Research Study Warns about Adverse Effects of NSAIDs on OvulationJan 4, 2016
A presentation at the 2015 European League Against Rheumatism (EULAR) Annual Congress, researchers warned that nonsteroidal anti-inflammatory drugs (NSAIDs) may adversely affect ovulation.
NSAIDs are among the most commonly prescribed drugs for pain and inflammation and are frequently used by women of childbearing age. NSAIDs are known to have adverse gastrointestinal, cardiovascular, and renal effects and, when they are taken near the end of pregnancy, NSAIDs may prolong labor, result in premature closure of the fetal ductus arteriosus, and increase the risk of postpartum bleeding, Medscape Multispecialty reports.
NSAIDs are prostaglandin inhibitors that block cyclo-oxygenase (COX)-1 and COX-2 enzyme production. COX-2 is active in the ovaries during follicle development and inhibition of COX-2 by NSAIDs and COX-2 inhibitors (e.g., celecoxib) may cause luteinized unruptured follicle syndrome (LUFS) in some patients, Medscape reports. LUFS is characterized by a failure of ovulation. While the woman shows clinical signs of ovulation-elevated body temperature and progesterone levels-follicular rupture and ovum release do not occur. The medical literature has presented sporadic reports of delayed ovulation and/or LUFS associated with the use of NSAIDs.
COX-2 inhibitors may have additional adverse effects on fertility, Medscape reports. COX-2 expression plays a role not only in ovulation but also in fertilization, implantation, and maintenance of pregnancy. COX isoforms are important in generating prostaglandins, which are essential for formation of enzymes that cause the rupture of the egg follicles and prostaglandins crucial in the establishment of the placenta.
Small clinical trials have shown that NSAIDs and COX-2 inhibitors produce a reversible delay in follicular rupture. Unruptured follicles were observed in a significantly higher proportion in women using these drugs. The effect reversed when the drug was discontinued, Medscape reports.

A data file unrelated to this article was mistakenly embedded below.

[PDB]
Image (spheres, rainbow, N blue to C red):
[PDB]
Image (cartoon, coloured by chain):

Prof. Sami Salman, of the Department of Rheumatology at the University of Baghdad, and colleagues presented data about the effect of these drugs on fertility at the 2015 European League Against Rheumatism (EULAR) Annual Congress. Their trial randomly assigned 39 women of childbearing age with minor back pain to one of four groups:
- Diclofenac, 100 mg once daily
- Naproxen, 500 mg twice daily
- Etoricoxib (a COX-2 inhibitor not available in the United States), 90 mg once daily
- A control group that received placebo
The study participants began treatment on day 10 of their menstrual cycles, after a follicle had developed in preparation for ovum release. The assigned medications were taken for 10 consecutive days. Participants' progesterone levels were determined at baseline, and each woman received an ultrasound to assess the size of the dominant follicle. The assessments were repeated after 10 days of treatment. Among the women taking NSAIDs, only 6.3 percent ovulated in the diclofenac group, 25 percent ovulated in the naproxen group, and 27.3 percent ovulated in the etoricoxib group, compared with 100 percent ovulation in the control group. All three NSAID groups experienced decreases in progesterone level, and about one third of women developed functional cysts due to unruptured follicles. Ovulation returned to normal once the women discontinued NSAID or COX-2 inhibitor use, Medscape reports.
Though there has not yet been a large-scale, prospective controlled trial showing a causal link between NSAID or COX-2 inhibitor use and female infertility, the EULAR investigators concluded that caution is warranted because of the drugs' potential adverse effects on female fertility. The researchers suggest that women who plan to conceive should temporarily avoid NSAIDs and Cox-2 inhibitors and consider substituting acetaminophen where needed, according to Medscape.